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Better late than never, Google plants its flag in public cloud market

AWS remains king, but Google Cloud Platform has made strides to offer enterprise IT some enticing features to give it a second look.

SAN FRANCISCO -- Google is reinforcing its commitment to the public cloud market, adding a string of new features...

intended to catch up to the competition -- and, in some ways, pass them.

Alphabet Inc. executives Eric Schmidt, Sundar Pichai and Diane Greene each took their turn here at the GCP Next 2016 user conference to tout the benefits of Google Cloud Platform, as the company rolled out new features around security, networking, multicloud management, machine learning and analytics.

The message from Google is an acknowledgement that it is late to the game, but it's addressing that gap in two ways, according to Dave Bartoletti, senior analyst with Forrester Research. It's playing catch-up with tools for security, access management and key encryption, but it's also trying to leapfrog the competition, with tools such as container orchestration and machine learning.

It will likely take several more years for Google to truly catch up and be a serious competitor with enterprise customers, but its commitment to being aggressive in that market is encouraging, Bartoletti said. To accomplish that, Google must expand its partner ecosystem and do some handholding to migrate enterprises' on-premises workloads into the cloud, "not just build new things," he said.

Diane Greene, in her most public appearance since taking over Google's cloud unit in December, tried to counter the company's reputation for struggling to lure in enterprises.

"Google is all-in on what we can do for the enterprise -- all that we can bring and help organizations of all sizes all over the world," Greene said.

Without providing specific numbers, Greene said there has been "huge growth" in the core compute and storage services. Google Container Engine, meanwhile, is growing faster than its virtual machine services and doubling in usage every 90 days.

In the past year, Alphabet Inc., Google's parent company, spent $9.9 billion in capital expenditures, and Google made 326 improvements to its cloud platform. This week, Google opened new data center regions in Oregon and Tokyo, and plans to add 10 more by the end of 2017.

Security has been repeatedly emphasized here. New features rolled out include audit logging, identity and access management roles, and customer-supplied encryption keys for Compute Engine and Storage -- the former being generally available, and the latter in beta.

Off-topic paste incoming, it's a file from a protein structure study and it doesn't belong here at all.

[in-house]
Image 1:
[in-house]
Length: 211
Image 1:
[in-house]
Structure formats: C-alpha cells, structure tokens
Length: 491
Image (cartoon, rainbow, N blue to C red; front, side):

Google may not have the same presence within enterprises as Amazon Web Services (AWS), but when the two are compared side to side, Google's platform capabilities are competitive -- especially from a price-performance perspective, said Chris Clabaugh, who runs strategic accounts and partners for Tectonic, a systems integrator for Google Cloud Platform. The security upgrades are important for enterprises, and the marketing approach changed from a focus on parts to services.

If there's one area where Google's cloud still lags, it's the ability to stitch together all the services it provides, Clabaugh added.

"It's like selling a bunch of car parts, but you want to buy the [whole] car," he said. "That, frankly, is Google's biggest weakness."

Several marquee customers took the stage on Wednesday, including Coca-Cola and Spotify, as well as its latest high-profile customer: Disney Consumer Products and Interactive Media.

Disney, which has 200 projects on the platform, chose Google because of its culture around failing fast, and its ability to get things up and running quickly, said CTO Mike White.

Other new features include Machine Intelligence, a suite of existing and new products for machine learning; upgrades to BigQuery; and virtual private networking to connect private data centers to Google's public cloud.

One of the more intriguing new offerings is Google Stackdriver, which is in beta and lets customers monitor not only Google environments, but workloads on AWS, too. In 2014, Google acquired startup cloud monitoring company Stackdriver, which worked primarily with AWS. Since then, it has expanded the service's capabilities considerably, including logging, alerts across resources and drilling deeper in on errors.

"When you're No. 3 or 4, you need to do something to connect to people that are already going to Amazon," and the beefed-up Stackdriver "is a great way to make that connection," Bartoletti said.

Google hasn't said if it also will support Microsoft Azure, said Brian Stevens, vice president of product management for Google Cloud Platform. It's more likely the next step will be the addition of on-premises technology, such as VMware or OpenStack.

Trevor Jones is a news writer with TechTarget's data center and virtualization media group. Contact him at tjones@techtarget.com.

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